Amusingly, a (strongly even) nasalized –iau plays a role in quite an important story from my childhood, related to my growing linguistic awareness.

As some regular readers of the Forum may recall, my maternal grandparents are non-Penang Hokkien ("Amoyish") speakers. One day, my maternal grandmother was talking about ginger, and called it (of course) "kiuN1". I was about 9-10 I guess, and (in a nice way!) could sometimes be a cheeky brat, so I decided to tease her. "KiuN, kiuN, kiuN? Ha-mi si kiuN???", I said, in a teasing tone, emphasing the nasality. She was quite amused, and replied just with "KiauN, kiauN, kiauN? Si-mi si kiauN???" She got her own back by not only emphasising the nasality, but also emphasising the -a- (i.e. really s-t-r-e-t-c-h-i-n-g out the triphthong).

I suddenly realised: "Oh, there's nothing intrinsically 'nice sounding' or 'weird sounding' in any sounds. I think 'kiuN' sounds funny, but she equally thinks 'kiauN' sounds funny, and there's no reason to think that she or I have a more correct view of things!" [In fact, thinking back, I believe I even "realised" that - if anything - 'kiauN' sounded a lot more peculiar than 'kiuN' (particularly if one emphasises the -a-)!] I look back at this as one of my earliest "linguistic insights" :P.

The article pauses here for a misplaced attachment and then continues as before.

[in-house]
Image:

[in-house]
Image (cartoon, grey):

SimL
Posts: 1407
Joined: Mon Jun 26, 2006 8:33 am
Location: Amsterdam

Re: Penang Hokkien Vocabulary Questions

Post by SimL » Thu Dec 22, 2011 12:00 pm

amhoanna wrote:
That is to say, there were two "interlocking spirals" cut into the one flat disk, sort of like a complicated version of the yin-yang symbol. One had to carefully "push" the two apart - carefully, in order not to break either one.
Is there any other kind?? :shock: Besides the electric kind?
Haha! You have to forgive my ignorance... Remember that I left "that culture" at the age of 14, and never spent more than 1-2 weeks in Malaysia again.

Many, many things that I knew from the 1960's and 70's no longer exist there. For example, the "meat-safe", which we (very imprecisely) called an "uaN2-tu5" and niuc a "kiam5-tu5".

Another example (I imagine!) is "charcoal irons".

- http://www.google.co.uk/images?q=Charco ... group&sa=X

I hasten to add that they were rare even when I was young, but some of my great-aunts still had them.
amhoanna
Posts: 912
Joined: Sat Sep 18, 2010 12:43 pm

Re: Penang Hokkien Vocabulary Questions

Post by amhoanna » Mon Jan 23, 2012 10:00 am

Locked